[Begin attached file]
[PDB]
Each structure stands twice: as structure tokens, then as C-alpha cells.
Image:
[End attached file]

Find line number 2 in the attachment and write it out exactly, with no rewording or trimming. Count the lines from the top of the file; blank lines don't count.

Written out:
Each structure stands twice: as structure tokens, then as C-alpha cells.